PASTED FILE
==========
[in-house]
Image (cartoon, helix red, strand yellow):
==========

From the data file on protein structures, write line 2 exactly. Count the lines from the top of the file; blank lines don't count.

Image (cartoon, helix red, strand yellow):